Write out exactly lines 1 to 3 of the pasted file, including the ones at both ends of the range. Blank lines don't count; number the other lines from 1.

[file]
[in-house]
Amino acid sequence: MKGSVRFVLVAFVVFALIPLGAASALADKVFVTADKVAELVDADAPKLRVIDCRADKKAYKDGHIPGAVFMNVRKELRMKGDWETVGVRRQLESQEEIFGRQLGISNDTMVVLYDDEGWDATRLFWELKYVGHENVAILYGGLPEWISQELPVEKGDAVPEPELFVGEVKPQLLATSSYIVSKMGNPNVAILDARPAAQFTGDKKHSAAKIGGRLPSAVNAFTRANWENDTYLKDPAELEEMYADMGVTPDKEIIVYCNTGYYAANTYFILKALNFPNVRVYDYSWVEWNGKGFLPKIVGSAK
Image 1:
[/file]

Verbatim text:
[in-house]
Amino acid sequence: MKGSVRFVLVAFVVFALIPLGAASALADKVFVTADKVAELVDADAPKLRVIDCRADKKAYKDGHIPGAVFMNVRKELRMKGDWETVGVRRQLESQEEIFGRQLGISNDTMVVLYDDEGWDATRLFWELKYVGHENVAILYGGLPEWISQELPVEKGDAVPEPELFVGEVKPQLLATSSYIVSKMGNPNVAILDARPAAQFTGDKKHSAAKIGGRLPSAVNAFTRANWENDTYLKDPAELEEMYADMGVTPDKEIIVYCNTGYYAANTYFILKALNFPNVRVYDYSWVEWNGKGFLPKIVGSAK
Image 1: